Knowing how to design as well as code gives you a strong advantage as a software engineer. Bobby shares his advice on how to learn to code in this interview.

Hey, so can you introduce yourself?

Hi Pete, thank you so much for having me!

My name is Bobby Bobak, a full stack programmer with a degree in digital design.

I'm currently living in Manchester, England where I've been for the past decade or so, and was born in a small town located in the Tatra Mountains, south of Poland.

From a very young age I was into making things, and my parents have been inspiring me to get into entrepreneurship, designing things and appreciating great art.

I'm running a small company building apps and internal tools for record labels, and the music industry in general, as well as building digital products for consumers.

One of which is called Filtru Coffee, a nifty coffee app which helps people discover, learn and enjoy specialty coffee at the comfort of their home.

As a designer, why did you want to learn to code?

My journey with coding goes way back to when I was 12 years old.

One day my father bought a computer and I have been captivated by it ever since.

As a kid the first thing you want to do on a computer is to play some games, sadly the PC we had was more of a home office type computer so I couldn't enjoy all the fancy 3D games at the time.

What I did instead, was to install apps and tools from various PC magazines at the time, to see what I can do with it.

Little did I know these apps will help me make my own games, 3D animations, and applications.

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How did you learn coding?

It all started with making simple games using a very old Windows 95 application called Klik & Play. It was a PowerPoint-like editor to make simple board games.

You could add actions, triggers and animate characters, so I've made a driving game called "Mafia In the City" and gave copies out to friends and other kids in my primary school - it was a hit!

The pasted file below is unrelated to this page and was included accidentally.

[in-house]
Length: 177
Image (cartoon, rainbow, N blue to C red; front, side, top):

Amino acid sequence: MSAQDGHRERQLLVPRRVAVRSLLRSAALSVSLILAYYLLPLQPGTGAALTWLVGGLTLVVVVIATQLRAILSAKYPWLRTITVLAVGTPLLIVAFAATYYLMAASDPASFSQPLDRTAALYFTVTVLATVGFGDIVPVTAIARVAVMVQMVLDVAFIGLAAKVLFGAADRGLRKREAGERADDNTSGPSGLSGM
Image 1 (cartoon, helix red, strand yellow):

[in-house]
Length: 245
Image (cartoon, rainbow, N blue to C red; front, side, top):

This didn't really require any knowledge of a programming language, but it definitely got me into learning more about what programming languages are, and how I can make better games.

After that, I went into a high profile arts high school, where I'd learn a lot about creative arts, such as drawing, wood carving, calligraphy and graphic design. It was one of the best experiences of my life as it made me aware of aesthetics, visual hierarchy and colour theory.

At the time I didn't really want to do much with computers, the school's aim was to push people into more traditional arts professions, they didn't have much teaching material in digital design, and I really wanted to go into graphic design.

With the rise of broadband in Poland a web-based online multiplayer game called OGame got really popular in my school. One afternoon a number of my friends came to me and asked if I could make a game like that, because they have ideas on how we could make it cooler.

We sat down, worked out the mechanics, set a theme and that evening I started learning HTML, CSS and basics of PHP, within 3 months we had a working game with a World War 2 theme.

Since then I've always thought of coding as a tool for realising creative ideas, turning designs into working products, and this approach has massively helped me at university.

With the knowledge of front-end and back-end development I was able to show working prototypes and get top marks for all my assignments.

You can improve your coding skills by taking one of the very popular courses by Wesbos. He is a self-taught developer who offers a huge amount of courses including Javascript for Beginners, Learn Node, React for Beginners and Advanced React. (Affiliate)

Do you have any tips for designers who want to learn coding?

My two top tips for designers, or anyone learning to code, is to start a small side project, and stay persistent. Small projects are the best types of creative outlets, they're personal and are a great motivator for experimenting with ideas.